Should the state of Montana take the lead in the Glendive oil spill?
Security guards working for Exxon Mobil Corp. have closely guarded access to the command post on the second floor of the Crowne Plaza Hotel in Billings, where the Environmental Protection Agency and other federal agencies also are stationed. Attempts by The Associated Press to talk to government officials there in the first days after the spill were denied.
Schweitzer says the company and EPA have defied state open government laws by denying public access. So on Friday, he opened an alternate state-run Yellowstone River Oil Spill Information Center, underscoring mounting tensions over the pipeline rupture that has dirtied parts of the scenic waterway.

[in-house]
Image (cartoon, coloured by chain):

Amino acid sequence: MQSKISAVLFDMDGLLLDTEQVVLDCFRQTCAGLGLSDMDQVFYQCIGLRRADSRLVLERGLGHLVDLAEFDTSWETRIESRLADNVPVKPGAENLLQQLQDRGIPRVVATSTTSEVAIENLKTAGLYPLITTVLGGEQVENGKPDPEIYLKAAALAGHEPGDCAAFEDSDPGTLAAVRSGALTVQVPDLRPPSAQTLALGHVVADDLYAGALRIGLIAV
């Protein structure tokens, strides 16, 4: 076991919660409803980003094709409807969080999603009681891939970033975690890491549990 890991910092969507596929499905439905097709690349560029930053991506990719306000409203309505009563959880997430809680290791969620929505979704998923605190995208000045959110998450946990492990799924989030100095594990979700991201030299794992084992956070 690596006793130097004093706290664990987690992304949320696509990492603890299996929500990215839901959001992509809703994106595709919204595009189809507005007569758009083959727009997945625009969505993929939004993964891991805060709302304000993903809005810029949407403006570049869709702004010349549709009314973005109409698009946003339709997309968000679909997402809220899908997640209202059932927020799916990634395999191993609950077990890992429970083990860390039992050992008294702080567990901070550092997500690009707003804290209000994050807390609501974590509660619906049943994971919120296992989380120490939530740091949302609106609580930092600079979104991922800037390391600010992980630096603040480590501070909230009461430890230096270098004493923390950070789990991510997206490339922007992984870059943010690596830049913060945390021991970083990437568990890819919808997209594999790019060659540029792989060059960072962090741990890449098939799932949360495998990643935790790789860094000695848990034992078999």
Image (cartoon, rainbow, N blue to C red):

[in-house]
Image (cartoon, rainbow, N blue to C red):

"Montana has a much higher standard than Exxon Mobil when it comes to transparency," Schweitzer said. "We won't be involved in secret meetings and secret documents." - USA TODAYOnce the state of Montana took control of the situation everything changed for the landowners. All of a sudden we had access to every document we wanted without having to go through an arduous Freedom of Information Act process with the EPA. All the records the state of Montana had were ours too. We had access to our own independent soil and water testing. We could walk into any meeting without a security guard trying to stop us. We had DEQ staff showing up at our farm to help us butcher chickens and tell us how the remediation was going. Every morning I could talk to someone about my concerns. Information was flowing, people were being honest, DEQ staff was allowed to say exactly what they thought. At one point, when Exxon tried to keep me from the Crowne Plaza command center, Tom Livers stopped them and took me in. I'm not sure he remembers doing it but I've always appreciated that. Thank you, Tom. This is what I mean when I say I want the state of Montana to take the lead in Glendive. When the state of Montana takes the lead in the right way the public is in control. I'm sure it isn't necessary to do this in the flashy way that Schweitzer did but there are ways for the state to make sure they are in control and the public is getting all the information they want. In a sense, what Governor Schweitzer did was what every politician should strive to do. He returned the power back to us, the public, and took it away from Exxon and the EPA. I'm sure that Schweitzer did what he did for many reasons, not just because he knew it was the right thing to do. Honestly, I don't care what his intentions were during the oil spill. All I know is he helped us when we needed it. I'm not telling you what is or isn't happening in Glendive. All I know is what happened to us. Bridger Pipeline is not Exxon so there are probably not security guards keeping you out of public meetings. Maybe everything is going well and there is a high level of transparency and openness. I really hope that is the case. But in my experience, when something like this happens, the tendency of the government agencies and politicians is to withdraw from the public and to keep information from us. If you are not getting the answers you need or want, let me know.